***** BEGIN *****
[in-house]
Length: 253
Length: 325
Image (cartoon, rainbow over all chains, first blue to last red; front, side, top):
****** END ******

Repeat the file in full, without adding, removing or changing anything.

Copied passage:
[in-house]
Length: 253
Length: 325
Image (cartoon, rainbow over all chains, first blue to last red; front, side, top):